Understanding Roulette Payouts
Each type of bet in roulette has a different payout. These payouts are calculated by considering the probability of that bet and the casino's house edge. In this context, the lower the probability of a bet, the higher the payout will be. Likewise, the higher the chance of winning, the lower the payout will be. To give a simple example:
- A straight bet pays 35:1, and you have a 2.70% chance of winning this bet in European roulette.
- A red/black bet pays 1:1, and you have a 48.60% chance of winning this bet in European roulette.
Below we will provide you with information about roulette payouts and give you an understanding of how they are calculated.
Online casinos with highest payout rates - December 2023
Trada CasinoAccepts UK playersBonus 100% up to £50Wagering requirement x35Roulette games 30+Live dealerPayments
Lucky Thrillz CasinoAccepts UK playersBonus 100% up to £25Wagering requirement x35Roulette games 30+Live dealerPayments
GreenplayAccepts UK playersBonus 100% up to £25Wagering requirement x35Roulette games 20+Live dealerPayments
How to calculate roulette payouts
In roulette, the payout of each bet type is predetermined and shown by this formula: X:1
Here, “1” represents the player's stake. “X” is the payout for that type of bet. To give some examples:
- 17:1 – This means the player will receive 17 units for every 1 unit wagered. For instance, if the player wagers 10 GBP and wins, the payout will be 170 GBP (10 x 17). In such an outcome, the total winning will be 180 GBP and will consist of 170£ of bet payout and 10£ of bet.
- 1:1 – This means the player will receive 1 unit for every 1 unit wagered. For example, if the player wagers 100 GBP and wins, the payout will be 100 GBP (100 x 1) In this example, the total winning will be 200 GBP. It's all because 200 GBP it's the amount of the bet and payout bet.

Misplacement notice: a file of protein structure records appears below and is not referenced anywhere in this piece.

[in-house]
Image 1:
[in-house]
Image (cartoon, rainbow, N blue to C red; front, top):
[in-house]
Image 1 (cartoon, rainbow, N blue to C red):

In other words, simply the player's stake is multiplied by the payout of that bet. The left digit in the payout list indicates how many times the bet will be multiplied. So, for example, if you see 8:1 as the payout of a bet, simply multiply your bet amount by 8.
Payout = Stake amount * Payout ratio + Stake amount
The total payout made to a player in a single round is equal to the sum of the payouts of all his bets in that round. For example, if the player places two bets that pay 35:1 - 2:1 and wins, the payout sum of both bets will be considered the total payout value in that round.
Payouts = Payout1 + Payout2 + .. + Payoutn
Payout1-payoutn are winnings of separate bets
- Your bet is 100 on red and 5 on corner (4,5,7,8)
- Your winning number is 5, so both your bets are winning
- Your Payout = 100*1+100 + 5*8+5 = 245
We have prepared a calculator for you to calculate the roulette payouts easily. This free tool will allow you to easily see how much different bet types will payout based on the stake amount. However, we still recommend checking the paytable of every roulette game before starting to play.
These are straight/single bets. There is no difference between placing a bet for “red 7” or “0” or “00”. The payout for all straight bets is 35:1. So if you deposit 5 GBP and win, for example, the payout will be 175 GBP (5 x 35).
You can simply multiply your bet amount by the payout value of that bet. For example, if the payout is listed as 5:1, this means you need to multiply your bet amount by 5.
Yes, the payouts do not differ between these variants. For example, a straight bet will always pay 35:1. However, there is a special type of bet in American roulette called “basket”, which has its own special payout (6:1).
The lower the chance of winning, the higher the payout. In this context, we can say that inside bets (straight, split, street, corner, line) have the highest payouts. These values are 35:1, 17:1, 11:1, 8:1 and 5:1, respectively.
In theory, there is no limit: as long as the casino accepts your bet, it is obliged to payout if you win. In practice, however, every roulette table has a maximum bet limit, which also limits the highest possible payout.
Was this page helpful?
Thanks, we appreciate your reply!
Sorry for the inconvenience
Please tell us how this article could be improved